A young boy grows up in a small steel town along the Ohio River between 1963 and 1968, while another boy’s suicide overshadows the community. These poems tell their story.
“I Could Just As Well Be a Poet of Sewing Needles”
~ Garcia Lorca
On the back porch, Bessie sits
on a wooden chair,
the finish on the seat worn,
a white moon where a flower pot rested.
By the dim light of a 40-watt sun,
she sews a tear in her husband’s work-shirt
turned inside out on her lap.
She wets the thread.
Removing her glasses, she slips the fiber
through the needle’s eye.
To prevent the seam from fraying,
she creates a running stitch along the length
of the tear, then inserts the needle
just the way her mother taught her.
After knotting, she bites the thread
so close to the shirt
she can smell the faint odor
of blast furnace steel and his sweat.
Turning the shirt right side out,
she places the needle in the cushion,
her husband dead only a week
but her grandson in need of a shirt tonight,
his new job, a pin man in the wire mill
on the graveyard shift.
About the Author
During the 1950’s and 1960’s, donnarkevic grew up in Ambridge, PA, a steel town north of Pittsburgh along the Ohio. Many family members lived within walking distance of each other and worked in the local steel mills. For twelve years, the author attended Catholic schools, later graduating from the University of Pittsburgh with a BA in Secondary Education. Besides being an English teacher, donnarkevic has been a steelworker, a teamster, a food service worker, a prison inmate counselor, and presently works with the mentally challenged. Family, blue collar work, and religion are often reflected in the writer’s poetry, short stories, and plays.
After college graduation, donnarkevic moved to Philippi, WV, to teach and considers West Virginia an adoptive state. Its people, its heritage, and its extraction industries are often reflected in his work.
Late in life, the author earned a MFA from National University. Literary journals have published work alongside writers such as Joyce Carol Oates, Naomi Shyhab Nye, and Barbara Smith. Main Street Rag published the chapbook, Laundry, in 2005. In 2013, FutureCycle Press published, Admissions, a full-length book of poetry. Plays have received readings in Chicago, New York, Virginia, and West Virginia.
Nearing retirement, the author intends to continue writing and seeking opportunities to learn and to teach other writers.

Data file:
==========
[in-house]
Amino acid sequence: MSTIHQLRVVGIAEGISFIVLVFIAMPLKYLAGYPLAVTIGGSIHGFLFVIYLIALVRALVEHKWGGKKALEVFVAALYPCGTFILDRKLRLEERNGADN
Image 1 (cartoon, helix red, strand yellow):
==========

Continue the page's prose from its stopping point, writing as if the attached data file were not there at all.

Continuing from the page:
What They’re Saying . . .
These poems by donnarkevic, emotionally riveting and often deeply disturbing, are pure marvels. Readers will sense the words and images for this work were not readily at hand, nor even that these poems could have been fashioned by a mere re-shaping of poetic styles already in existence. Rather the language of these poems seems forged from the explosive heat and fury of WWII and Vietnam and the hammering personal events of the poet’s formative years. The images are often startling: “the tabernacle, God’s golden hideout”; the moon as a “round white scar in the sky / a pool where the tears of stars collect”; “dead as red tongues of slag / the steel mill dumps; the golden monstrance / peacocking the Eucharistic host, / the Cyclops eye of the God.”
This series of images gives only an inkling of donnarkevic’s ability. Often poems conjure the everyday sensory experiences of that period: waxing cars, watching television on sets with older technology, listening to 45 rpm records. Occasionally words and images are quietly humorous. At the same time ordinary, conversational speech is entwined with powerful symbols and indelible historical images to create work that is nothing short of revelatory.
In donnarkevic’s poetry we are reminded that personal and private experience is never independent from the historical and the cultural. A Polish Catholic altar boy grows up in a multi-ethnic environment in Pittsburgh from 1963-1968 where memories of the outrages of WWII—the Holocaust, Nazis, Mussolini, Russian POWs, the fire-bombing of Germany–still threaten to overwhelm the townspeople’s lives even as the new horrors of Vietnam—the flagdraped coffins of American soldiers, the self-immolation of Buddhist monks, the rape of Vietnamese women, the napalmed fields and villages—become the shocking images of the period and the monstrous shapes impinging on the consciousness of the young speaker of the poems. And then there is the suicide by hanging of another young boy, Stevie, in the neighborhood, an act by which he is transformed into the speaker’s doppelganger. The speaker wears the dead boy’s clothes, takes over his newspaper route, and climbs the death tree in an effort to understand. Stevie’s death is a dark lure and yet a clear warning to the intelligent, sensitive speaker as he moves toward self-realization.
~ Dr. Sandy Vrana, Professor Emerita, Alderson Broaddus University, West Virginia